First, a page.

Despite already being on heightened terror alert, France woke up on Saturday morning in grief, shock and still trembling from the night before.
Newspapers can often be accused of exaggerating headlines, but at first reading the words on the front page of Le Parisien did not feel like hyperbole.
“This time it's war”, the title read, and Le Figaro echoed the theme with the front page headline “War in central Paris”.
And as if the issue was in any doubt, French President François Hollande on Saturday called the attacks “an act of war”.
With hundreds of soldiers called in to patrol the streets of the capital after at least 129 were killed in a coordinated series of cold-blooded shootings and suicide attacks, it did indeed feel like war had come to the world's most-visited city.
And all this just 10 months after the January terror attacks killed 17 people at the offices of Charlie Hebdo, a Jewish store and on a street in the south of the city.
But while the Charlie Hebdo attacks felt like a wake up call to let Paris know it was vulnerable and in the line of sights of jihadists, it did not, and could not prepare us for the bloodshed of Friday.
But then, what could possibly prepare you for eight attackers, armed to the teeth with Kalashnikovs, grenades and suicide vests intent on killing as many innocent people as they could and ready to die to make sure they did?
Even though January's appalling attack on Charlie Hebdo was in the heart of Paris, it felt far enough away for most people, given that the magazine was specifically targeted in a revenge attack for publishing cartoons of Mohammed.
But Friday's terrifying massacre in pizzerias, concert venues, Cambodian restaurants, football stadiums and bars was indiscriminate – and therefore as close to home as you can get.
The coordinated shootings and suicide attacks were in the traditional working class northern suburbs and modern trendy areas of the east of capital.
They occurred far from the tourist hotspots that soldiers have been guarding in recent months.
These were attacks on bars and restaurants in a part of town frequented by the capital's young professionals and students.
The Petit Cambodge restaurant is just a short walk down the canal from The Local's office. We and other foreign journalists have spent many a Friday night drinking in and outside the Carillon bar, where bodies lay across the pavement on Friday night.
The attackers know there's nothing more frightening than being killed just for being in the wrong place at the wrong time on the wrong night.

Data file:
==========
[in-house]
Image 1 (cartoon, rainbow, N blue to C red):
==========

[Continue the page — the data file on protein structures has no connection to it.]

Friday's carnage perhaps gave us all an insight into what it must have been like for the Jewish community in Paris, who lost four of their members in the January terror attacks just because they were in the wrong supermarket at the wrong time of day and because – in the eyes of gunman Amedy Coulibaly – they were the wrong people.
The victims of the Kosher store attack were like those Parisian victims on Friday night, simply killed for being who they are.
Since those January attacks in Paris, there have been other warnings for France.
In April, there was a foiled attack on a church when a jihadist's plans to kill churchgoers to the south of Paris went awry after he accidentally shot himself in the foot.
Then in June, a delivery driver tried to blow up a factory near Lyon after beheading his boss, and in August there was the now famous attack on the Thalys Amsterdam to Paris train that was foiled by brave passengers.
These near misses registered in the back of our minds but did not change the way we went about our daily lives.
While the army was deployed on the streets of France to guard sensitive sights and tourist attractions, life quickly returned to normal and as the months went by, there was no sign of people living in fear.
Parisians went about their day in the same old way, but it's unlikely things will return to normal so soon this time. If ever.
Social media posts and text messages can attest to the real fear people in the capital feel now.
“Nowhere feels safe now,” “We could have easily been in that bar,” and “sick of this madness.” were just a few sentiments to sum up the millions of messages and tweets and Facebook posts doing the rounds on Saturday morning.
The question now is how will France react – both the public and the government?
While January's attacks prompted millions to take to the streets across the country calling for unity, the solidarity didn't last long.
The JeSuisCharlie motto was not adopted by all and fiercely rejected in many of the poorer suburbs, where the Muslim immigrant population is high.
There is the hope that Friday's attack will prompt a real unity against the Islamist extremists, but with the extreme-right National Front increasing its influence and even Prime Minister talking of “apartheid” in the suburbs, it may take generations for France to really recover from Friday's atrocity.